Eberhard was truly an exceptional person. At work, he was highly disciplined, purposeful and dependable. I did not have much contact with the business side of his life, but I know that his dedication to the big causes he had chosen as personal commitments – ethical business, the world scout movement, music, a global economy that is fair and just, and not least, the Club of Rome – was total and complete. He was forever on the road attending board meetings, providing guidance and demanding performance. For him, no relationship, institutional or personal, was passive. When he made a commitment, it was absolute: fully engaged, thoughtful, pro-active and result-driven. Long after he relinquished his positions in the Club of Rome and the World Scouts Movement, he was still actively, though with care not to be intrusive, available to provide advice and help at a moment’s notice. For me, during our work together, he was on call at all times, no matter what his current preoccupation at the moment was.
The parallelism of Eberhard’s concerns about the “human problematique” with those of our predecessor, the founder of the Club of Rome, Aurelio Peccei is striking. Aurelio had earlier created Fiat’s manufacturing and marketing empires in Latin America and came to launch the Club in 1968 motivated by his observations there of the social, environmental and economic costs of modern industrialization. Similarly, Eberhard’s experience in setting up a major and highly successful automobile venture for BMW in South Africa was certainly instrumental in the enormous empathy and sensitivity he developed towards the same broad concerns, and enabled him to contribute to the building up of the Club’s positions for designing and creating a better world.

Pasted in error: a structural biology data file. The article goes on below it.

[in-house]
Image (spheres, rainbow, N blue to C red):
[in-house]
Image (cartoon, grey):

Not everyone in the Club realized the depth and breadth of Eberhard’s contributions to its substantive deliberations. He was a major champion of the need to evolve new economic paradigms suited to a sustainable future, of the importance of ethical business practices and of the need to redress the imbalances between the North and the South.
Working with Eberhard was a pleasure and always deeply rewarding. I greatly admired the efficiency and simplicity of his management approach. But more than that, he had an extraordinary ability to combine strategic thinking with the needs of the here-and-now; to be rigorous in thinking without being rigid; to insist on formal procedure without losing sight of the flexibility that is needed to generate consensus and desirable outcomes; to have strong opinions and yet realize the need for consultation.
Above all, I most valued his commitment to personal and professional integrity and yet to be able to laugh off the frailties of less self-demanding fellow human beings.
Eberhard’s joie de vivre and generosity of spirit were beautifully exemplified in the big events he organized. One of these, his own seventieth birthday to which several hundred of his friends converged in Zurich, was an occasion I will not forget. He made it possible for me to come all the way from New Delhi and though I was only one among the many there whom he must have made to feel guests of honor, I certainly returned home feeling very special.
I was fortunate in being invited often as a guest at the von Koerber home. My family and Eberhard’s had a warm friendship. Eberhard and Charlotte were the most generous and hospitable of hosts and I took every opportunity I could to visit them. I always admired Eberhard’s ability to plan his life, making time for everything: signing off from work and fitting in time for holidays and family renewal.
My family and I feel the deepest sense of personal loss and we wish Charlotte and their daughters all courage to accept theirs.